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A Study of Particulate Emission Formation Mechanism from Injector Tip in Direct-Injection Gasoline Engines

SAE International Journal of Advances and Current Practices in Mobility

Nissan Motor Co., Ltd.-Yoshihiro Imaoka, Yutaka Hashizume, Takao Inoue, Taisuke Shiraishi
  • Journal Article
  • 2019-01-2244
Published 2019-12-19 by SAE International in United States
The mechanism causing in-cylinder injector tip soot formation, which is the main source of particle number (PN) emissions under operating conditions after engine warm-up, was analyzed in this study. The results made clear a key parameter for reducing injector tip soot PN emissions. An evaluation of PN emissions for different amounts of injector tip wetting revealed that an injector with larger tip wetting forms higher PN emissions. The results also clarified that the amount of deposits does not have much impact on PN emissions. The key parameter for reducing injector tip soot is injector tip wetting that has a linear relationship with injector tip soot PN emissions.
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A Study of Combustion Technology for a High Compression Ratio Engine: The Influence of Combustion Chamber Wall Temperature on Knocking

SAE International Journal of Engines

Nissan Motor Co., Ltd.-Yoshihiro Imaoka, Kiyotaka Shouji, Takao Inoue, Toru Noda
  • Journal Article
  • 2016-01-0703
Published 2016-04-05 by SAE International in United States
Technologies for improving the fuel economy of gasoline engines have been vigorously developed in recent years for the purpose of reducing CO2 emissions. Increasing the compression ratio is an example of a technology for improving the thermal efficiency of gasoline engines. A significant issue of a high compression ratio engine for improving fuel economy and low-end torque is prevention of knocking under a low engine speed. Knocking is caused by autoignition of the air-fuel mixture in the cylinder and seems to be largely affected by heat transfer from the intake port and combustion chamber walls. In this study, the influence of heat transfer from the walls of each part was analyzed by the following three approaches using computational fluid dynamics (CFD) and experiments conducted with a multi-cooling engine system. First, the temperature rise of the air-fuel mixture by heat transfer from each part was analyzed. Heat transfer from the intake port and cylinder head was found to be higher than that from other parts due to the high flow velocity during the intake stroke. Therefore,…
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A Study of a Multistage Injection Mechanism for Improving the Combustion of Direct-Injection Gasoline Engines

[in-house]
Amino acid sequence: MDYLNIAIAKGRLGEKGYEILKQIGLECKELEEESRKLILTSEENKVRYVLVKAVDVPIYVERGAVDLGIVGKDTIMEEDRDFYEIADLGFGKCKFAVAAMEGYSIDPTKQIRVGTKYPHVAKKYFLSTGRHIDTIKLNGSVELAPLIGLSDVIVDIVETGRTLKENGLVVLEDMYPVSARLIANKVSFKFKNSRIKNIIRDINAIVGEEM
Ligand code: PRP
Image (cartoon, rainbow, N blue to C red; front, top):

SAE International Journal of Engines

Nissan Motor Co., Ltd.-Yoshihiro Imaoka, Kiyotaka Shouji, Takao Inoue, Toru Noda
  • Journal Article
  • 2015-01-0883
Published 2015-04-14 by SAE International in United States
Technologies for improving the fuel economy of gasoline engines have been vigorously developed in recent years for the purpose of reducing CO2 emissions. Increasing the compression ratio for improving thermal efficiency and downsizing the engine based on fuel-efficient operating conditions are good examples of technologies for enhancing gasoline engine fuel economy. A direct-injection system is adopted for most of these engines. Direct injection can prevent knocking by lowering the in-cylinder temperature through fuel evaporation in the cylinder. Therefore, direct injection is highly compatible with downsized engines that frequently operate under severe supercharging conditions for improving fuel economy as well as with high compression ratio engines for which susceptibility to knocking is a disadvantage. On the other hand, direct-injection engines have certain issues such as the need to reduce particulate matter (PM) emissions, and technical measures must be developed for that purpose. Multistage injection is one method of improving direct-injection engines and has both advantages and disadvantages. One benefit of multistage injection is lower PM emissions caused by liquid fuel impinging on the cylinder wall. That…
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Improvement of Combustion Stability under Cold Ambient Condition by Mixture Control

SAE International Journal of Engines

Nissan Motor Co., Ltd.-Manabu Hasegawa, Toru Nishizawa, Yoshihiro Imaoka, Keiji Kawamoto, Atsushi Teraji, Shuichi Iio
  • Journal Article
  • 2013-01-1303
Published 2013-04-08 by SAE International in United States